- The appropriate use of humour in a supportive context should not be discounted, even in the current pandemic. Humour has shown time and time again to help sustain social workers and other professionals dealing with difficult circumstances, and can be an effective way of injecting some humanity into what can seem at times to be inhumane circumstances.
Guidance for Teams
- Be a supportive team. Social workers should not be required to take full responsibility for their self-care, and managers and teams need to be proactive in encouraging and facilitating self-care. Make it a mutual team effort: support others and be supported by them.
- Consider developing a buddy system, whereby staff are paired or ‘buddied’ up with someone who they can specifically go to for peer-support. This can help to alleviate pressure on managers as the single source of support, and ensure there is another place to go. While many social workers draw on peer support regularly, others are less able to or don’t have access. A ‘buddy’ or pairing system ensures everyone has someone to turn to.
- Support staff with debriefing sessions. These may need to be daily in some cases. Social workers who are dealing with extraordinary risks and circumstances need to have access to guaranteed and supportive opportunities to discuss what they are going through.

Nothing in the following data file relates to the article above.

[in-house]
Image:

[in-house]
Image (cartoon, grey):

- Do not neglect the importance of supervision. Consider increasing the frequency of supervision, and developing a coordinated strategy to go along with debriefing.
- Utilise team members who are self-isolating but symptomless and not supporting someone who is vulnerable. This can include these staff members providing phone/online debriefing sessions for those who need it, or being linked up as ’buddies’ to support those practicing daily by remote means. Ensure that staff follow guidance on when to start/stop self-isolating.
- Don’t overwhelm staff with information, emails and guidance. At a time like this, staff can become overwhelmed and overburdened with guidance, emails, information and policies, that can be confusing or even contradictory. Ensure staff have access to concise, accessible and clear information and advice.
- Ensure staff know where to get additional support. This should include counselling and human resources support.
- Require staff to continue to take leave, sick days, days off and breaks. Pressure to not take time off can build the more intense a crisis becomes, and staff should be required to take this time, rather than encouraged to do so.
- Support for home working. The Health and Safety Executive (HSE) has published health and safety responsibitlies for home workers along with lone working and display screen equipment
Remember to make self-care a priority.
*The guidance offered here may be subject to change as knowledge of the coronavirus and its impact on society increases.
*This guidance does not cover personal protective equipment (PPE) or health and safety practices. Public Health England guidance on these areas can be found here.
Published 27 April 2020